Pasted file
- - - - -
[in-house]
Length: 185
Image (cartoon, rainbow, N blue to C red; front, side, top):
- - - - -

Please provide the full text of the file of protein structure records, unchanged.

[in-house]
Length: 185
Image (cartoon, rainbow, N blue to C red; front, side, top):